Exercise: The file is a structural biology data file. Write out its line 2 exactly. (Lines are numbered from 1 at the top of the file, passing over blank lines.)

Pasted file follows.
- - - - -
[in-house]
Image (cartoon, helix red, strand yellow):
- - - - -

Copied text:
Image (cartoon, helix red, strand yellow):